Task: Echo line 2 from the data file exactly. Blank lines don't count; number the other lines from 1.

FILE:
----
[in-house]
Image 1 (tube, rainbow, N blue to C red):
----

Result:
Image 1 (tube, rainbow, N blue to C red):